Tagged With social media

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I once briefly dated a guy whose entire Twitter feed was about biking. He spent his day posting links to cycling routes, talking about his bike, communicating with other biking enthusiasts, advocating for cyclist safety efforts, and putting up photos of cars obstructing bike paths. All of this is admirable, of course, but the problem was that I didn't have a bike, like to bike, or care very much about biking at all.

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If you're tired of seeing all of those "on this day" posts on Facebook, you're going to hate Facebook's latest update. The social network launched a new Memories page this week, essentially an expanded version of its "On This Day" feature where you get the pleasure of reminiscing about that burger you ate one year ago today or that time you posted that drunk selfie.

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Over the last couple of years, we've seen social media tools significantly change the way our feeds are represented to us. It's a source of frustration as it can make finding an interesting post hard to find again and we miss things that happen when the algorithm decides for us that the item isn't something we'll engage with. Instagram has revealed what they do to manage our feeds. And while the make it all sound like it's in our best interest, that's not always the case.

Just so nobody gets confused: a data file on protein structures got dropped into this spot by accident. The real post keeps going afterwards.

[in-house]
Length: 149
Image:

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We all have that one friend who's insufferable on social media. If you're tired of seeing your Instagram feed cluttered with annoying memes, gloating status updates, or endless selfies, the solution seems obvious: Unfollow them. If only it were that simple.

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For about 15 minutes, building a strong Klout score was a big deal. The service looked into all your social media feeds, assuming you gave it access, and then worked out how influential you were. It was acquired for a ludicrous $200M four years ago by Lithium Technologies but the service will be shutting down on 25 May 2018.

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If you've been on Twitter for too long, or gone on binges where you follow too many people at once, you can end up with a crowded, even toxic Twitter feed. In the twelve years I've spent on Twitter, I've ended up following an unwieldy crowd of over 3,700 accounts. I can't make a big dent just by manually unfollowing people in my feed, so I use ManageFlitter, a powerful tool to sort and act on my followers.

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In its April issue, a writer at The Atlantic makes the argument that "retweets are trash". Whereas once if you wanted to repeat something someone else had said on the platform you would have had to create a whole new tweet and add a "RT" in front of it, the addition of the retweet button has made it so people will often share the thoughts of others without fully thinking through those statements. Now there's a new tool to actually make that happen called Blindfold.